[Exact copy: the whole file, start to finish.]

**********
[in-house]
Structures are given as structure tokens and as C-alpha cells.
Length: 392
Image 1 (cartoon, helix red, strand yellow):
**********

[in-house]
Structures are given as structure tokens and as C-alpha cells.
Length: 392
Image 1 (cartoon, helix red, strand yellow):